Have you seen David Ortiz, lately? The Boston Red Sox designated hitter has been on fire with his bat, scorching the competition with some mighty blasts in the outfield and even over the fences. Yet, the excitement doesn’t stop there. Even though the Red Sox are suffering from a miserable losing season, Ortiz and his fans have something to cheer for before the end of the season: he’s only nine away from 500 career home runs.
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It’s a very significant milestone. Ortiz nailed two homers against the Miami Marlins yesterday, to sit with 491. The mark put him just two shy of a tie for 27th place with Fred McGriff and legendary New York Yankee Lou Gehrig. Not bad company. However, hitting 500 would put him as the 27th person to ever reach that feat. Albert Pujos (550) and Alex Rodriguez (678) are the only two active players who have more home runs than Big Papi.
Ortiz is, of course, happy with the possibility of being in that select group, but he’s not gunning for it. At least, he’s not admitting it. Ian Browne of MLB.com covered the story, and he reported Ortiz saying, “I’m just going to keep on swinging […] I’m not trying to put any pressure on myself. I’m just trying to put a good swing on it when I’m at the plate. Hopefully I’ll get there.”
In the last seven games, Ortiz has led the Red Sox offence with five home runs and nine RBIs for a .407 batting average and a .484 on-base percentage. His slugging is a perfect 1.000 in that span. The lefty Dominican, who now lives in Boston, has 25 homers and 68 RBIs for the season.
MLB.com has projected his totals for the remainder of the season, and expects Ortiz to hit another eight home runs before he’s done. If that’s the case, it would put him just behind former Orioles first baseman Eddie Murray (504), who was inducted into the National Baseball Hall of Fame in 2003. If Ortiz hits the milestone, and the decision hasn’t been already made, he will have cemented his spot in that same hall in Cooperstown, New York shortly after he retires. Whenever that will be is anyone’s guess:
"“Hey, look, I’m not trying to really accomplish any personal thing […] I’m just trying to play the game the way I’m supposed to play it. If I’m swinging the bat good, I’m going to try to put a good swing on the pitch every time. That’s me. That’s how I play the game. But that’s all I can do, all I can control.”– David Ortiz, via Ian Browne of MLB.com"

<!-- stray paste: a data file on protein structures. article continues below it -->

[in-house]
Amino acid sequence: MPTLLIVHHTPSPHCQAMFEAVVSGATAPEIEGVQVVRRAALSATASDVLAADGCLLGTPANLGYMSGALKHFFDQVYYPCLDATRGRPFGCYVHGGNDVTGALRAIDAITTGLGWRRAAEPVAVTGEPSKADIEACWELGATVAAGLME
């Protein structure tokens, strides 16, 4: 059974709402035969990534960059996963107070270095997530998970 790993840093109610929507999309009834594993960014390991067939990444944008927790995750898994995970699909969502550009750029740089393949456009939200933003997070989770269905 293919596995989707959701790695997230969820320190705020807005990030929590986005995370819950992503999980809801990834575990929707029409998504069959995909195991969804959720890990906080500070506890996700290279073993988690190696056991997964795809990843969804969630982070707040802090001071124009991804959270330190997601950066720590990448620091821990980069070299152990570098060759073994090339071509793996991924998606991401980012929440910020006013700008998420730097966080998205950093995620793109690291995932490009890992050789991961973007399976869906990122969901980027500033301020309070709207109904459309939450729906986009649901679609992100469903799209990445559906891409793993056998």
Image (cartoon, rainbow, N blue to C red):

Aug 12, 2015; Miami, FL, USA; Boston Red Sox first baseman David Ortiz (34) hits a solo home run at Marlins Park. Mandatory Credit: Steve Mitchell-USA TODAY Sports
The nine-time All-Star has played 19 seasons in the majors, 13 of them with Boston, and is set on playing at least another two if the front office in Fenway decides to pick up his team options. If so, Ortiz will be paid $21 million, with the chance to increase that pay if he has 475 at-bats or more. These options were put in place in case Ortiz was injured too much or too often to continue hitting at a high rate. Instead, he’s kept his grasp of the golden sceptre as the leader of the franchise.
Will that title be considered for the greatest Red Sox offensive player ever? Likely not. A couple of guys named Ted and Carl had careers that would take issue with that kind of a claim. However, when it comes to home runs Ortiz is in the debate, even if he still loses to a fan base that has been raised to praise tradition and history. Ted Williams hit 521 home runs in 7706 at-bats; Carl Yastrzemski hit 452 homers in 11988 at-bats; Ortiz, if he earns the nine homers to break the 500 mark by the end of 2015, would do it in approximately 8120 at-bats. That means Williams hit homers at a rate of 6.76%, ahead of Ortiz’s 6.16% and Yaz’s 3.77%.
Still, if Ortiz plays two more years, Williams’ total is not out of the question. And hey, there’s always the Red Sox RBI lead; however, Yaz leads Boston’s all-time mark in that category with 1844 to Ortiz’s current total of 1601. A big 243-foot mountain to climb for Big Papi, but not impossible.
For now, let’s just enjoy the man’s current success. It’s not like there’s been much else to celebrate. Red Sox Nation is proud of its history, and Ortiz is about to add another chapter on his own legendary legacy.
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